From the start of your journey as a worker in Canada, you have the right to respectful and fair treatment. This includes the job interview.
Understanding your rights can help you ensure that you’re treated fairly in the hiring process. Below we address the most important rights you have in the process of interviewing for a new job in Canada.
- Learn more about the other rights you can expect as a worker in Canada.
What are your rights in a Canadian job interview?
Interviewers cannot ask candidates to provide significant personal information before offering a job. For example, they cannot ask a candidate to give a date of birth, family or medical history, or a residential address during the interview. Certain questions may be necessary during an interview, because the job requires it, but these questions must be specific and directly related to the duties of the job (for example, “can you lift a 50kg box and carry it 20 metres?”).
Basically, interviewers cannot ask questions that might encourage them to discriminate against a candidate. For example, questions about origin, family, and language cannot be used to discriminate against newcomers to Canada. Questions about age cannot be used to discriminate against older candidates. Questions about family life and planning cannot be used to discriminate against women.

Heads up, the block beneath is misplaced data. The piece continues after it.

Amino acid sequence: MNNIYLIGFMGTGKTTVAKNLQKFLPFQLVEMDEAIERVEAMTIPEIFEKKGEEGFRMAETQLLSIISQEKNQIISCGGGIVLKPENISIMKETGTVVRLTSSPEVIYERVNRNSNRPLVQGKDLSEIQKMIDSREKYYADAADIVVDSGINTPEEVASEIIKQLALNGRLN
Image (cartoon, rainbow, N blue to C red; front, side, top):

Significantly for newcomers, employers cannot state that Canadian work experience is preferred over work experience obtained abroad. However, it should be noted that employers are legally entitled to confirm that workers have the legal right to work in Canada, so an employer may ask if you have the immigration status that affords you the right to work.
There are some exceptions made for special service organizations that serve specific groups, but if an organization hires a candidate based on their age, race, or other factors, the organization still has to justify that that factor is required for the job. For example, an organization that provides youth services in a First Nations community may be justified in selecting a 25 year old of First Nations descent instead of a 50 year old white person, in order to best serve the organization’s mandate.
It is important to know what to expect, so you can answer confidently and professionally if you find yourself in a situation where an employer has asked a question you feel uncomfortable answering.